When you go to an international film festival, you know you’re going to have to read a lot of subtitles. But not so much at the Mostly British Film Festival. This event presents foreign films from such exotic locales as Ireland, England, and Australia – places outside of North America where people generally speak English. You may have to get used to an accent, but you won’t have to look down at the bottom of the screen every time people talk.
This year, Mostly British opens Thursday, March 10 to March 17 at the Vogue. So far, I have seen four films that will play in this festival. Here’s what I think of them.
B+ The Dry, Friday, March 11, 5:30pm
Kiewarra is an ugly, angry, thirsty town in the Australian outback. It’s about to get uglier and angrier – just the right location for a murder mystery. Eric Bana plays a former townsman, now a big-city police detective. He hates Kiewarra, and most of the people there hate him back. He only returned for a funeral. It appears that a man murdered his own family before committing suicide. But if you know anything about murder mysteries, you know that this diagnosis just can’t possibly be right. Read my full review.
B+ The Beatles and India, Thursday, March 17, 7:30pm, followed by a 9:30pm party.
The Beatles went to India at the height of their fame, to learn about Indian music, and to meditate with Maharishi Mahesh Yogi. Within weeks, one by one they returned to England, disgusted with the way their guru was using them for his own commercial purpose – although George fell in love with Indian music and culture. As far as I can tell, no one connected with the Beatles was involved with the making of this documentary, and you never hear any Beatles songs. Interviewers are mostly native Indians who were there at that time.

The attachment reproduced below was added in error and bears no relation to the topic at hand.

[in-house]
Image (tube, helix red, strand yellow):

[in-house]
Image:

B Mothering Sunday, Tuesday, march 8, at 7:30pm
This is one of those stiff-upper-lip British films about aristocrats and their servants. But this time there’s a lot of sex and nudity – male and female. Sometimes it seems kind of ridiculous – as when a maid wanders naked through her lover’s otherwise empty mansion. And then there’s a couple of monologues that sound like literature; not people talking (it’s based on a novel). But the ending brings what seemed to be a scattered story into an interesting and unique one.
D+ Together, Saturday, March 12, 3:15pm
The festival calls this a “unique comedy.” I guess a comedy is unique if it’s not funny. It works better as serious drama. Set entirely in one house over the first year of COVID, an unmarried couple talk and argue (mostly argue) about everything from vaccines, the economy, and mushrooms (not the psychotic kind). James McAvoy and Sharon Horgan provide excellent performances built around a bad script. We rarely see young Samuel Logan as their son. Worst of all, both adult characters constantly look at and talk to the camera – often with long monologues.